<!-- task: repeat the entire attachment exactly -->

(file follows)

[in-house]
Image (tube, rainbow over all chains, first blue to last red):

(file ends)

[in-house]
Image (tube, rainbow over all chains, first blue to last red):